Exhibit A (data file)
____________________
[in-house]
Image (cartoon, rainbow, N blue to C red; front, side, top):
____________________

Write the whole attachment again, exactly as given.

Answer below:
[in-house]
Image (cartoon, rainbow, N blue to C red; front, side, top):